- A lack of understanding of the concept of accountability - that a leader/manager is responsible for getting things done. "Rank" in many parts of the corporate world is frequently seen as an entitlement or perk of nepotism rather than as the bearing of greater responsibility.

You don't have to be in the business world already in order to see the effects. You can see it as a consumer. From something minor, like a new restaurant that miserably fails a health inspection a month after opening (raw sewage and live roaches) to the Equifax breach. Obviously the business world has little need of the ability to do Call for Fire, but it does have need of basic leadership and responsibility - which good servicemembers have, but the non-veteran business world doesn't always recognize. It's sort of Dunning-Kruger mixed with "you don't know what you don't know."

So, to try and swing this to a more positive note: I read on a blog by a successful software entrepreneur in NYC once that he needs:
- Smart people
- Who get things DONE

That's where the veteran should focus their message: They are smart people, who actually GET THINGS DONE. That, if communicated effectively, would definitely set the candidate apart from much of their competition.
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CPT Air Operations (Soj36)
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I completely agree with much of your frustration, SGT (Join to see), regarding the differences in leadership styles between the military and corporate environments. The decentralized decision making model that allows ground commanded to be agile enough to defeat a constantly changing threat environment is somewhat unique to our nation’s fighting force, and even more so in the Army than in other branches. This model requires trust in subordinate leaders, forged through discipline and rigerpus training that builds a hive mind of sorts. Decisions are made during the mission planning phase and all the way up to initial contact, but after that it is highly unlikely that anyone in the CP has a greater understanding on the best course of action than the leaders on the ground and in the fight.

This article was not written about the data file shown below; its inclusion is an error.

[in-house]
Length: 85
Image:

But let me be clear: the corporate world is not a battlefield, at least in this sense.

Most people in corporate America confuse the terms management and leadership — something that can and should greatly offend those of us who know what actual leadership is. Leaders who eat last, sleep last, and still lead the way are not commonplace in the business world. Instead, you see tenured professionals who were promoted to the role of people manager based on their aptitude as a functional expert in their field. SME first, Leader by level. This is nearly opposite from the military, where you’re a leader from day 1, and you build the expertise to lead more and more effectively. What we create for the most part, in fact, are general managers, or the opposite of subject matter experts.

We Veterans are all therefore “upside down” in terms of qualification. We have and can immediately employ the sorts of organizational leadership skills that most civilians won’t be asked to even begin learning until 10 or 15 years into their career, but we don’t have the foundational understanding of the job, company, or industry that an entry level employee can pick up in 1-2 years. Therefore, if benchmarked against a fresh college graduate, we’re too expensive and generally under-educated or jnderwualified based on the target candidate Profile. If benchmarked against a more seasoned professional or MBA-type, we’re usually vastly underqyalified both academically and by industry experience. In either case we loose, unless we shift away from this linear approach.

You’re not wrong that the civilian world could use more leaders like us, but you need to make it into the civilian world before you can assist in that fight and prove the value of a veteran in your own way. If you’re anything like me, this will take learning how to flex your communication style and approach to ensure you’re reliving the most impactful message to each intended recipient at all times. You do this frequently and successfully enough, and you’ll find yourself rising through the ranks of any organization to a place where you can begin fixing some of those issues you’ve listed.